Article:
“View” Co-Host Appointment Brings Media Flurry to Back to School Vaccines
Jul 19, 2013, 10:30 AM
The decision by the ABC Network to hire former model and MTV celebrity Jenny McCarthy to be a host on “The View,” a weekday talk show aimed at women, had vaccines in the news this week. It remains to be seen whether the increased attention will have an impact on the number of kids getting their shots, and getting them on time this year. In her book and in a myriad of interviews, McCarthy has linked her son’s diagnosis of autism with the Measles/Mumps/Rubella (MMR) vaccines he received as a baby. In a 2008 USA TODAY/Gallup Poll, a quarter of people surveyed said they were familiar with McCarthy’s views and of those respondents, 40 percent said her views would make them more likely to question the safety of vaccines.
As parents start setting up back to school visits, including many immunizations, for kids, Kristine Sheedy, PhD, associate director of communication science at the Centers for Disease Control and Prevention (CDC) National Center for Immunization and Respiratory Diseases, answered questions for NewPublicHealth about the impact of parents skipping or delaying childhood vaccines.
NewPublicHealth: What are the most common vaccines parents skip for their kids, and why?
Kristine Sheedy: We know that parents and health care professionals across the U.S. are doing a good job protecting babies and young children from vaccine-preventable diseases because data from our 2011 National Immunization Survey (NIS) shows immunization coverage among children 19 to 35 months remained stable or increased for all recommended vaccines. In fact, coverage for most of the routine vaccines remains at or over 90 percent, and less than 1 percent of young children get no vaccinations.
Published data from a 2010 survey of parents indicated that the seasonal flu vaccine is the vaccine that parents report they most commonly refuse for their children. The most common reason parents indicated that they refused this vaccine was because they felt it was "not needed." Each year an average of 20,000 children under the age of five are hospitalized because of flu complications, and over 100 die, according to CDC statistics.
The vaccine that parents most often reported delaying was the MMR vaccine. The most common reason for delaying MMR was "fear of serious side effects." It is important to note, however, that each recommended vaccine on the childhood immunization schedule was mentioned by at least a few respondents as being refused or delayed at some point. This information shows how variable delay and refusal can be among parents. Children do not receive any known benefits from following schedules that delay vaccines. We do know that delaying vaccines puts children at known risk of becoming ill with vaccine-preventable diseases. CDC continues to monitor parents’ desire to follow alternative schedules and address their concerns and reasons for wanting to do so.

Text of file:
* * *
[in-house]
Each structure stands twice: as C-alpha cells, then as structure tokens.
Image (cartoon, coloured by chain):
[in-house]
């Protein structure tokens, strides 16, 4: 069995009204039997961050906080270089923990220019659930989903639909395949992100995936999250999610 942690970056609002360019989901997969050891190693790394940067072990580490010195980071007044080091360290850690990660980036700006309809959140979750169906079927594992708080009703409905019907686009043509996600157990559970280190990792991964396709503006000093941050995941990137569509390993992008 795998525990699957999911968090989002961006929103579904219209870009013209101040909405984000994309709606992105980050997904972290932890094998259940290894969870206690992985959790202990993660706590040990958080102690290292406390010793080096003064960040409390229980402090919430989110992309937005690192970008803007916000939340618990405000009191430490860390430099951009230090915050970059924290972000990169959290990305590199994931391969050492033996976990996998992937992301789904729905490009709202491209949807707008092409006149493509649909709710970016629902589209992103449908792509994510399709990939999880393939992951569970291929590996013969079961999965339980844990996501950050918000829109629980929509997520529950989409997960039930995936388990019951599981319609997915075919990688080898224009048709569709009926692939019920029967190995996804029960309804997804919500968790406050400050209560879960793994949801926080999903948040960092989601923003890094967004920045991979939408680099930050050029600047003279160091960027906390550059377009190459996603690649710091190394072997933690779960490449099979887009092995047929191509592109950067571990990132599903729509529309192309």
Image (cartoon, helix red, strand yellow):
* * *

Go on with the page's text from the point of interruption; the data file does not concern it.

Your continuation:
NPH: How does this trend toward departing from the recommended vaccine schedule affect U.S. outbreaks of disease?
Kristine Sheedy: If enough children do not get immunized, it can break down community immunity and pose a danger to kids who are either too young to get vaccinated or unable to get vaccinated against the diseases (like children being treated for cancer), as well as those children for whom the vaccine did not provide immunity (unfortunately, vaccines are not 100 percent effective). Although immunization rates for vaccines routinely recommended for children remain at or near record highs, recent outbreaks of measles in the United States underscore the importance of maintaining high immunization rates by successfully addressing parents’ questions and concerns about childhood vaccines.
During 2011, 222 measles cases and 17 measles outbreaks were reported to CDC from 31 states and New York City—the most measles we’ve seen in this country since 1996. The people affected ranged in age from 3 months to 84 years. In the majority of the cases, the disease came into the United States from an infected traveler coming from another country. Even though in the United States, we′re very fortunate to benefit from very high levels of immunization, measles is extremely contagious and is very good at finding unimmunized people. That is what happened in 2011. Most of the people (86%) with measles were not vaccinated against measles (65%) or they did not know if they were vaccinated (21%). Of these cases, 23 were among infants 15 months old and younger. Measles can cause serious complications and even death—70 people (32%) with measles in 2011 had to be hospitalized.
Children should receive two doses of measles, mumps, rubella (MMR) vaccine for best protection—the first dose at 12 through 15 months of age and the second dose at 4 through 6 years of age. Giving the second dose of the vaccine earlier is allowed at any time as long as it is at least 28 days after the first dose. For those who travel internationally, CDC recommends that all U.S. residents older than 6 months be protected from measles and receive MMR vaccine, if needed, prior to departure.
This commentary originally appeared on the RWJF New Public Health blog.